Rum, cigars the forbidden fruits of Havana
|Partagas, one of the oldest cigars in Cuba, were begun in 1843 by an immigrant from Spain. The Trinidad is made exclusively for Fidel to present to dignitaries and diplomats.|
Cigars and rum are the forbidden fruit of Cuba, at least when it comes to bringing them home. But both can be enjoyed during a visit to this island nation and some visitors sample both every day. In Havana you can also tour a museum that showcases the making of rum and visit one of several cigars factories where workers sort the tobacco leaves and roll the cigars.
The cigar process is fascinating but unfortunately no photography is permitted and note taking is likewise not allowed.
Our small group arrived early to see the cigar process which turned out to be good, because by late morning lectors step up to their stand at the head of the rolling room to read to the workers. The custom was begun long ago to relieve workers of the tedium of rolling one cigar after another and to educate them in the process. The day begins with the news, read in Spanish of course, and changes each hour. By mid afternoon the lectors are reading from romance novels, finishing a chapter or two at a time.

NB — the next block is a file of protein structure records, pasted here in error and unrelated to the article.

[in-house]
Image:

The workers are paid $12 a month plus four cigars a day our guide told us. The cigars given to employees all have been rejected in the quality control process. The H. Upmann factory, which we visited in Havana, has 400 employees and turns out 18,000 cigars a day, most of which are exported. Cigars are tested by official smokers and carefully aged before being sold.
A shop next to the cigar factory sells all kinds of cigars, including many not produced there. A walk-in humidor controls temperatures and humidity to keep them at their best.
|Young rums like this 3 year old one are best used in drinks such as mojitos. Older rums are sipped straight like a cognac.|
The Museo de Ron is in an old mansion near the Plaza de San Francisco where sugar cane presses, sugar boiling pots and barrel making are showcased. Bubbling vats and copper stills are part of a mini-distillery to show the process of making rum. A highlight, especially for model train buffs, is an elevated platform from which an early 20th century sugar plantation is showcased, complete with working scale model steam locomotives. Some of those old steam locomotives now are displayed near the waterfront arts and crafts market.
Our rum museum tour ended in the adjacent Bar Havana Club where we drank mojitos and listened to a great band.
|A walk-in humidor at the cigar store next to the factory keeps fine cigars at the perfect humidity to preserve them|